Overall Transaction Activity Dipped in Q2, but Hospice M&A Remains Strong
Post-acute care transaction activity experienced a marked lull during the second quarter of 2020, as was to be expected based not only on a tumultuous health care landscape and the financial marketplace due to the COVID-19 pandemic but a post-Patient-Driven Groupings Model operating landscape.
The initial rise in COVID-19 cases nationwide in April combined with the spread of the virus across the southern and western U.S. in June certainly stressed the economy and many health care providers, but the pandemic was not only to blame for the lowest quarterly home health, hospice and home care deal volume since the third quarter of 2017. Home health mergers and acquisitions activity continues to be affected by the January 1 implementation of the Patient-Driven Groupings Model (PDGM), which was just taking hold when the pandemic hit.
In all, the home health, hospice and home care industries saw just 18 deals during Q2, down from a combined 26 transactions reported during the same period a year ago, according to the latest M&A update from advisory firm Mertz Taggart. There were 27 total transactions in Q1 2020.
As has been the case since for some time now, the hospice segment led dealmaking activity during Q2 2020, with home health trailing.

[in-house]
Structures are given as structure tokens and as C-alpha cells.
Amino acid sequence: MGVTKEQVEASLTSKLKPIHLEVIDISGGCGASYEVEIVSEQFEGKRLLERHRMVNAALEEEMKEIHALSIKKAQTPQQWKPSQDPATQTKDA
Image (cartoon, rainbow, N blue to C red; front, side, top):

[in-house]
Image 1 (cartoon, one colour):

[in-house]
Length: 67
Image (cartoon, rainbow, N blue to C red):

“The industry is facing some major challenges at the moment, but overall, hospice has managed to remain relatively stable compared with home health and home care,” Mertz Taggart Managing Partner Cory Mertz says. “Similar to home health agencies, hospice providers saw a downturn in new admissions following the Trump administration declaring a state of emergency in late March. Unlike home health providers, though, hospice agencies aren’t also adjusting to a major payment overhaul.”
Home Health Transactions Slow
There were just five home health deals in Q2, down from the previous quarter, which saw 13 transactions. The majority of these transactions were paired with hospice deals, or were highly targeted.
The decline in standalone home health deal volume was to be expected, as the industry was already prepped for a cautious approach to dealmaking after the implementation of PDGM on January 1.
Still, more data needs to surface in order to get a full picture of PDGM’s impact, especially in the wake of COVID-19. Early data analyses suggest providers have been able to mostly navigate the payment model’s cash flow impact, though cash flow hasn’t fully recovered to December 2019 levels.
“There was an automatic gap in valuations between buyers and sellers, and the only way to settle that gap is through data,” Mertz says. “We needed to see the first three to six months of data under PDGM before we could really establish a fair market value. This has been exacerbated by the COVID-19 crisis, which skews the data from late March onward.”
One of the rare standalone home health deals that took place in the quarter was Lafayette, Louisiana-based LHC Group Inc.’s (Nasdaq: LHCG) joint venture with Orlando Health, a nonprofit health care organization that operates in nine Florida counties.